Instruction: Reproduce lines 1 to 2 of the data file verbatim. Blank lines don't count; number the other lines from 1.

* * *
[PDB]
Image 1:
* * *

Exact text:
[PDB]
Image 1: